Keeping Current Matters recently shared that there are some people who have not purchased homes because they are uncomfortable taking on the obligation of a mortgage.
The reality is unless you are living with your parents rent-free, you are paying a mortgage – either yours or your landlord’s. As Entrepreneur Magazine, a premier source for small business, explained in their article, “12 Practical Steps to Getting Rich”:
We know that home ownership is critical to creating wealth — and this is something my Dad taught me from an early age — it has also been shown that home ownership can account for an increase wealth by 44 times that of a renter. This statistic is according to the Top 100 Economists in the United States. Need I say more?
“While renting on a temporary basis isn’t terrible, most people, when given the option would choose to own the roof over their head if they are truly serious about their finances. It won’t make you rich overnight, but by renting, you’re paying someone else’s mortgage. In effect, you’re making someone else rich.”
With home prices rising, many renters are concerned about their house-buying power. Mark Fleming, Chief Economist at First American, explained:
“Over the last three years, renter house-buying power has increased fast enough to keep pace with house price appreciation, so the share of homes that a renter can afford to buy has remained the same since 2015.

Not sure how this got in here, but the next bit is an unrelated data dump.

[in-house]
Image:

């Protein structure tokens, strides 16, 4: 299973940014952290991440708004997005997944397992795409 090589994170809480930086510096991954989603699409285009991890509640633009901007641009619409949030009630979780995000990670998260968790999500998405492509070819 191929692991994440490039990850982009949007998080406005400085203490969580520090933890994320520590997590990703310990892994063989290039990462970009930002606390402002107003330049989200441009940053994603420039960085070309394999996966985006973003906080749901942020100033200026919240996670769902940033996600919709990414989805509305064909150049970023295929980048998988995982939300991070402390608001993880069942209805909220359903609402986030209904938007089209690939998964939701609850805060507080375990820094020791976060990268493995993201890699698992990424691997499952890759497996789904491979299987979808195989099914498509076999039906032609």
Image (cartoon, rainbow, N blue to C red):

Although mortgage rates are expected to rise (and indeed have), they are still low by historic standards, and real household incomes are the highest they have ever been. Assuming this trend continues, our measure of affordability, which takes into account income, interest rates, and house prices, indicates that homeownership is still within reach for renters.”
Especially millennials who are the largest population in America at the moment (ages 20 -38 years old) and who have been somewhat hesitant to purchase their first home.
If they were following the same pattern as Gen Xers and Baby Boomers, we would see an increase in their home purchase pattern of 8 to 13 percent. Right now, it is taking a ‘life event’ such as marriage or a new child to trigger that home purchase. And, it is important to note – that there is considerable delay to both life events.
So, if you are indeed that millennial, ask yourself if you really want to wait to start growing your wealth? Owning a home is like a forced Savings Account!
I recently ran across a college student at the University of Florida where my son is currently enrolled as a Junior, and he purchased a 4 bedroom home with the help of his parents when he was a Freshman. He rents it out as a Vacation Rental to Parents and Alumni for — now that is a kid after my heart — he is more than covering his expenses . . . building equity . . . creating income (probably beer money), and will be able to springboard that home into another property when he leaves UF either after his Masters or when he goes to another school.
This is the power of Real Estate. I am guessing his parents must have taught him the power of owning a property.
Houseplants: What to Consider By Zoe Eisenberg
|Consider maintenance. If you’re choosing houseplants that need a good amount of TLC—water, trimming, etc.—make sure you have the time in your schedule and bandwidth in your brain to take this on. If not, pick a plant that needs minimal attention, like a succulent.
Pick proper containers. Learn the root length of the plant you’re choosing, and how big it’s likely to grow, then pick a container that can accommodate it.
Consider color. While varying shades of green can feel gorgeously lush, no need to stop there! Add a splash of color to your interior with orchids, peace lilies or prayer plants